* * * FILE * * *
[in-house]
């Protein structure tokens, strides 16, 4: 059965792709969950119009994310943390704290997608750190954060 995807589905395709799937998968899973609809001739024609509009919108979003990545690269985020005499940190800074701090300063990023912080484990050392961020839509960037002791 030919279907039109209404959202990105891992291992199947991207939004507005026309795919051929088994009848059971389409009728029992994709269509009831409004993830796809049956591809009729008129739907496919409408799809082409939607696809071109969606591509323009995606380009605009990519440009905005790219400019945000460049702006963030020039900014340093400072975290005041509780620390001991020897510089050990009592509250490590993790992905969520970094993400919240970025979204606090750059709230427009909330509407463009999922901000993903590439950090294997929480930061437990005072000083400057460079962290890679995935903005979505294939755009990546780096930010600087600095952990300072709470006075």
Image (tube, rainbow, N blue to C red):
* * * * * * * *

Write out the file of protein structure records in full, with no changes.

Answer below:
[in-house]
């Protein structure tokens, strides 16, 4: 059965792709969950119009994310943390704290997608750190954060 995807589905395709799937998968899973609809001739024609509009919108979003990545690269985020005499940190800074701090300063990023912080484990050392961020839509960037002791 030919279907039109209404959202990105891992291992199947991207939004507005026309795919051929088994009848059971389409009728029992994709269509009831409004993830796809049956591809009729008129739907496919409408799809082409939607696809071109969606591509323009995606380009605009990519440009905005790219400019945000460049702006963030020039900014340093400072975290005041509780620390001991020897510089050990009592509250490590993790992905969520970094993400919240970025979204606090750059709230427009909330509407463009999922901000993903590439950090294997929480930061437990005072000083400057460079962290890679995935903005979505294939755009990546780096930010600087600095952990300072709470006075």
Image (tube, rainbow, N blue to C red):